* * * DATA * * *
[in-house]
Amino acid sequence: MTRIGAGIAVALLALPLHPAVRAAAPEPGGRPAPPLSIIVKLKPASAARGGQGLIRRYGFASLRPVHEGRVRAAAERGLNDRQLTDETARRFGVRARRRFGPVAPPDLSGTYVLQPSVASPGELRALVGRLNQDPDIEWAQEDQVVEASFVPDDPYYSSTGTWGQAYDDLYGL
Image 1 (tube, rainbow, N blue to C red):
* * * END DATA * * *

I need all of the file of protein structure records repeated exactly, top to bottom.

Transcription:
[in-house]
Amino acid sequence: MTRIGAGIAVALLALPLHPAVRAAAPEPGGRPAPPLSIIVKLKPASAARGGQGLIRRYGFASLRPVHEGRVRAAAERGLNDRQLTDETARRFGVRARRRFGPVAPPDLSGTYVLQPSVASPGELRALVGRLNQDPDIEWAQEDQVVEASFVPDDPYYSSTGTWGQAYDDLYGL
Image 1 (tube, rainbow, N blue to C red):